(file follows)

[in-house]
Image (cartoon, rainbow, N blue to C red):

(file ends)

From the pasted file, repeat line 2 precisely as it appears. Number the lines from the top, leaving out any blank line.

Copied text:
Image (cartoon, rainbow, N blue to C red):